If you suffer with PMS, irregular periods, heavy or painful periods, difficulty losing weight, acne or any other period problem I am going to take a good guess and say you are pretty tired as well. Scratch that. Pretty tired probably doesn’t do it justice. You are exhausted.
Life feels overwhelming. Some days you have no idea how you make it through the day and accomplish everything you do. It is like you put your superwoman pants on and away you go without much connection or enthusiasm for the tasks you have to do, before crumpling on the sofa at the end of the day and crawling into bed by 9pm. This is your life on repeat.
Now you might be thinking, why does low energy go hand in hand with period problems (and no, I am not psychic). Firstly, every woman I have seen in my clinic, energy is a problem (so I have a slight advantage there) and secondly, fatigue is the hallmark of something going on with your hormones. See the endocrine system that controls your hormones controls your energy production as well, so if the endocrine system isn’t working well, your energy production isn’t going to work well either.
What impacts your energy
1. Blood sugar imbalance
Too many carbohydrates, sugar, caffeine and/or alcohol can take us on a blood sugar rollercoaster meaning our blood sugar levels swing from high to low repeatedly all day. Low blood sugar can make us feel ‘hangry’, sluggish, tired and pretty rotten. It can also cause us to wake up in the early hours which impacts the quality and quantity of our sleep.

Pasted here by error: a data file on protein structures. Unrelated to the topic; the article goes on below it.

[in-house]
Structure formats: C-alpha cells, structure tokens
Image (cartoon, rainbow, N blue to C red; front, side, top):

Consuming too many of the foods mentioned above impacts our energy in another way too. When we ingest too much of those foods, this spikes our insulin levels which is the hormone that deals with blood sugar levels. Too much glucose and insulin can prevent ovulation which limits the amount of progesterone produced. This can lead to oestrogen dominance which can cause fatigue too!
2. Melatonin production
Melatonin is the hormone that is produced in response to darkness and helps make us feel sleepy at night and improve the quality of our sleep. So as the sun goes down, our melatonin levels increase. However, the ‘sun’ doesn’t really go down anymore, because we replace natural light with artificial lighting and screens instead. This artificial light exposure means that our melatonin production is suppressed impacting our sleep quality. And we all know how crappy we feel after an awful night's sleep.
3. Stress a.k.a. cortisol
Cortisol is the yin to melatonin yang. Whilst melatonin peaks at night, cortisol peaks in the morning helping us to get out of bed and be motivated for our day. The issue comes when cortisol is overstimulated throughout the day constantly.
Cortisol is also our stress hormone which is produced as a survival mechanism whenever we perceive a threat. This used to be in the form of a Saber toothed tiger, but now we have lots of baby tigers running around like an angry boss, constant notifications, long to-do lists and screaming children. Too much cortisol production can put a strain on the adrenal glands which suppresses our energy and can also result in brain fog and a lower mood too!
4. Low nutrient status